It only took one game of Jalen Hurts, but now there’s Carson Wentz trade talk everywhere. Should they flip him to the Colts? A Frank Reich reunion? Is the contract even movable?

Let’s actually start with the current QB1. Hurts is here on a rookie deal that takes him through 2023. This is the typical cost-controlled contract that will only see him hit the cap between one and two million dollars. He is set to become an unrestricted free agent in 2024.

In simple terms, they have an incredibly affordable Hurts for the next several seasons.

Carson’s contract is the talking point, and you’ve heard a lot about it recently, so here are some basic facts about his deal:

  • he signed his four-year, $129 million extension in June of 2019
  • that extension technical begins in 2021, when Carson’s base salary jumps to $15 million
  • his overall cap hit in 2021 increases from $18 million to $34 million
  • in 2021, he has $25 million guaranteed on his deal
  • the dead cap hits moving forward are $59 million, $24 million, $15 million, and $6 million, according to Over the Cap 
  • there are beefy roster bonuses in 2021, 2023, and 2024

So we know that he is essentially uncuttable next year. There’s just no way they can do that. We also know that the salary cap is dropping to around $175 million because of financial losses due to COVID-19 and that the Eagles are up against the cap as it is, so they have very little in the wiggle room department.

Now to Jeremy Fowler at ESPN:

A trade would be costly, too, with the Eagles owing $33.8 million in dead cap to spread over two years if Wentz is dealt before the third day of the league year. His yearly cap hit would be off the books in that case, but that’s still a lot of money to absorb without much return. Trading Wentz in 2022 would be more manageable, with his cap hit dropping to $24.5 million.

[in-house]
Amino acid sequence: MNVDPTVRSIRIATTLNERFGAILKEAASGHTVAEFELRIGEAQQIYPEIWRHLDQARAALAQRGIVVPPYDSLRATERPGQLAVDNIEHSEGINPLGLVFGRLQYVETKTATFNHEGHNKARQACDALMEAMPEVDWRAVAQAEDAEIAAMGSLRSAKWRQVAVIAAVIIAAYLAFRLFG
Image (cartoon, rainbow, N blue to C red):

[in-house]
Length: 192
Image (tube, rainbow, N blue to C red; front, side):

Wentz could always rework his deal to facilitate a trade if he wants a new start. In fact, Foles just did that this offseason to get to Chicago. The Bears reworked the $56.9 million remaining from his Jacksonville Jaguars deal into a three-year, $24 million pact with $21 million guaranteed.

Even if Indy wants to take Carson, you’re still moving an asset with relatively low value and not getting much in return. The Colts aren’t going to give you much more than a mid-round pick considering how much Wentz has fallen out of favor this season.

It also seems unlikely that somebody would rework a big-money deal they only signed in 2019. But you never know. If Carson is desperate for a change of scenery and really does not want to be stuck behind his former backup in Philadelphia, maybe he makes concessions to reunite with Frank Reich in Indy.

Here’s what Bill Barnwell had to say about the possibility of moving Wentz to the Colts:

Rightfully, many of the people who have wondered about a possible Wentz trade have linked him to the Colts. Wentz was close with Colts coach Frank Reich when Reich served as Eagles offensive coordinator in 2016 and 2017. Philip Rivers and Jacoby Brissett are both free agents after the season, leaving Indy with $67 million in cap space and no quarterback on the roster besides rookie fourth-round pick Jacob Eason. The Colts could use Wentz more than any other team, and we just saw general manager Chris Ballard send a first-round pick to the 49ers to pick up a difference-maker in DeForest Buckner.

It’s a tricky situation. They may have to just stick with Carson in 2021 and hope the guy comes back looking more like the player we saw in the past, or else they’re really going to be a pickle.

Regardless, we have now firmly entered catch-22 territory, which we talked about last week. The Eagles are either going to be stuck with a highly-paid QB sitting on the bench, or the talented backup 2nd round QB is on the bench instead. There’s no path forward that is going to magically make this go away. They’re going to have to suffer a negative consequence in some way, shape, or form.